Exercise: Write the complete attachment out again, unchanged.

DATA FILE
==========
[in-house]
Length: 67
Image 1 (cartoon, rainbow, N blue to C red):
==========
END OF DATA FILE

[in-house]
Length: 67
Image 1 (cartoon, rainbow, N blue to C red):